How Much Does Health Insurance Cost?:The cost of health insurance varies dramatically, but certain factors might increase or lower your costs.
According to HealthCare.gov, the five things that can increase your monthly premium are:
- Your age. Premiums can be as much as three times higher for older people compared to younger enrollees.
- Your location. Where you live impacts your premium, depending on factors like cost of living and state rules.
- Tobacco use. People who use tobacco products can be charged up to 50% more compared to those who don’t.
- Whether you’re seeking coverage as an individual or for a family. If you’re signing up for a plan that will also cover dependents, expect to be charged more.
- Your plan category. There are four different “metal tiers” of plans you can choose from: bronze, silver, gold and platinum. These categories determine how you split your costs with your insurer. For example, bronze plans typically have lower monthly premiums and higher out-of-pocket costs than the other tiers, and platinum plans tend to have the highest premiums with the lowest out-of-pocket costs.
While health insurance is generally considered very expensive, there are ways to get help with paying for your coverage, says Lang. A recent Stride survey, found 80% of uninsured gig workers who didn’t think they could afford health insurance weren’t aware of tax credits that could assist with low-cost coverage. The American Rescue Plan Act of 2021 (also called the COVID-19 Stimulus Package) has made insurance much more affordable, he adds. Stride data shows nearly 40% of gig workers who enrolled in health insurance in 2021 were paying less than $1 a month.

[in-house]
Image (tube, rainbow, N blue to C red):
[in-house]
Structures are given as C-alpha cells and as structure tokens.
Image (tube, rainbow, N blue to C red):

The ACA offers financial assistance that reduces monthly premiums and out-of-pocket costs to help make health insurance more affordable. Premium tax credits, for example, are based on household income.
How to Choose the Best Health Insurance for You
There are some questions to ask yourself to ensure you’re choosing the best health insurance plan for you, including:
- What will your total costs be? In addition to the monthly premium you pay your insurance company, consider your deductible and what your out-of-pocket costs might look like. “Some people would like to have premiums as cheap as possible and are fine with a higher deductible,” says Turner, while others prefer the opposite.
- Are your favorite doctors “in network”? Each insurance company works with a certain network of providers. Before signing up for a plan, ensure that the doctors you want to see are included in the plan’s network. “As a mom, I don’t ever want to have my pediatrician not be in my network,” says Moore. “If you love your OBGYN or your family practice doctor, find out if they’re in network before you sign up, because it can make all the difference.”
- What type of plan is it? If you sign up for a Health Maintenance Organization (HMO) plan, you generally won’t be covered if you seek out-of-network care unless it’s an emergency. If you pick a Point of Service (POS) plan, you’ll be required to get a referral from your primary care physician in order to see a specialist. The kind of plan you choose will affect your out-of-pocket costs.
If you’re struggling to figure out which plan is best for you, Turner suggests seeking the assistance of a health insurance navigator. These trained professionals can help you figure out if you qualify for any financial assistance and compare plans. To find a health insurance navigator, go to HealthCare.gov and enter your ZIP code. These services are “free, confidential and available to the public around the country,” says Turner.
Another option is to contact a health insurance broker. Doing so is typically free since they’re paid by health insurers, says Moore. “It’s really no risk to you to reach out,” she adds, and it can be a helpful way to feel more confident in your decision.